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153 people feared dead in Nigerian plane crash

Sunday Alamba / AP

Onlookers gather at the site of a plane crash Sunday in Lagos, Nigeria,

Updated at 5:19 p.m. ET: Nigerian authorities said Sunday that as many as 153 people were aboard a Dana Airlines passenger jet that crashed into a two-story building in Lagos, the country's largest city. "I don't believe there are any survivors," said Harold Denuren, Nigeria's director of aviation.


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Authorities said that in addition to the passengers and crew aboard the plane, an unknown number of people may also have been killed or hurt on the ground. President Goodluck Jonathan canceled all appointments for Monday and declared three days of official mourning for the victims.

The plane was heading from Abuja, the capital, to Lagos when it went down about 3:30 p.m. local time (10:30 a.m. ET), authorities said. It crashed into a building and broke into two before burning up, witnesses said.


Local reports indicated that at least three buildings were severely damaged, one of them a church. Nigerian Eye reported from the scene that bodies could be seen burning on the ground, while pictures on the Internet showed large plumes of smoke across the city.

Police said they had recovered the plane's voice recorder. Al Jazeera reported from Abuja that witnesses said the the plane may have hit a power line in clear and sunny weather.

Razak Fadipe, acting head of the Lagos fire service, told The Daily Times of Nigeria that no one had been rescued alive as of 7:30 p.m. (2:30 p.m. ET) but that people were likely to be trapped in the one of the buildings.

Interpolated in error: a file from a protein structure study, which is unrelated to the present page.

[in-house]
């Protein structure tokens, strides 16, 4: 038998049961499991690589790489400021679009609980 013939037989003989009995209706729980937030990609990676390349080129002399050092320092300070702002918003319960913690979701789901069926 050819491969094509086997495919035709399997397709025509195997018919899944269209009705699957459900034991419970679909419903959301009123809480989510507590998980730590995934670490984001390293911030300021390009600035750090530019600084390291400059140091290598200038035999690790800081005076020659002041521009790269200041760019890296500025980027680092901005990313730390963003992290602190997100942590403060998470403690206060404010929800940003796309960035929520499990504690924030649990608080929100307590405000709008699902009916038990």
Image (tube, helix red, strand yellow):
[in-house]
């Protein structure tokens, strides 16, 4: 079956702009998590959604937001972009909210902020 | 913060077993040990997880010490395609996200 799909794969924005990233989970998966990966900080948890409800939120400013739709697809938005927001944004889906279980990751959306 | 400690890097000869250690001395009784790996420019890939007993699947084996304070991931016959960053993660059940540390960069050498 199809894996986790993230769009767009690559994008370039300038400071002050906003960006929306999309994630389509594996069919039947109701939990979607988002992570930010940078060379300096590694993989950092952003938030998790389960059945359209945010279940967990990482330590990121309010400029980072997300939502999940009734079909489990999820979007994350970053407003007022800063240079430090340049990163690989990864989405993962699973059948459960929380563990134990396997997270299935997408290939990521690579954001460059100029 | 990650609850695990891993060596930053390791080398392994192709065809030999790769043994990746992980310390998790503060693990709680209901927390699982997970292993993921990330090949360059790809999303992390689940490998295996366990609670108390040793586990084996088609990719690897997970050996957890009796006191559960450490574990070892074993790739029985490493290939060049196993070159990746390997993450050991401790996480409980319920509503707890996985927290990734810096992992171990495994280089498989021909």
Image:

Poor road access and a crowd of hundreds of people were complicating rescue efforts, in some cases blocking fire crews from reaching the scene.

"Our job is crucial to the rescue efforts," Fadipe said. "Without us doing our job, other rescue teams cannot gain access to even rescue any survivors that may be trapped in the building."

The Daily Times quoted a senior official of Dana Airlines, whom it didn't identify, as saying the plane had been undergoing repairs for several weeks.

"The station manager protested its use, but the Indian management insisted it should fly," the official said, according to The Daily Times.

The crash came after 10 other people were killed when a Boeing 727 cargo plane flying from Lagos crashed Saturday in Accra, the capital of Ghana, and hit a bus, the Sunday Tribune of Nigeria reported.

The crew of four survived, authorities said.

A senior military officer told the Sunday Tribune that the bus was severely damaged, while the plane's wings and tail broke off from its body.

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